Detailing the exterior

The main gear was scratch built using plastic tube and metal rod, with wheels from the spares box, with a bit of modification in the wheel hubs. I wanted to simulate the heavy horizontal tread found on a lot of Swedish aircraft of the period, but couldn’t come up with anything convincing. Oh well!

The nose gear was a combination of the kit’s and scratch. I decided the kit’s gear doors looked too clunky, so I used them as molds to vac-form new, thinner ones. I built up the interiors of these with strip stock to simulate formers and reinforcement plates. All the wheel wells and struts were painted the same color as the underside of the model. For the canopy, I took the kit’s windshield and built up layers of super glue to a shape more in keeping with the 21R. Once satisfied with the shape I then proceeded to polish it until no imperfections were found. This bit of ”elbow grease” pays off for I found a polished mold produces clearer parts. This is true whether you’re vac-forming the parts or using the more traditional ”heat and smash” method. I took the other clear parts of the kit, smoothed and polished them, and used them for molds to make new ones as well.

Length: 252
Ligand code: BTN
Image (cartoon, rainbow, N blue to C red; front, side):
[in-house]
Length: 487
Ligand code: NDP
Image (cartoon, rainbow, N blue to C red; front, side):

For molding canopies, I use a clear plastic called Vivak, sometimes also called PETG. This stuff forms the clearest of any of the clear plastics I’ve tried – and I think I tried them all between two models!. I use 20 thou for 1/32nd scale models, purchased from Micro-Mark here in the States, and some thinner stock I found locally at a hobby shop (around .008 thick). It is the thinner Vivak I used for this model.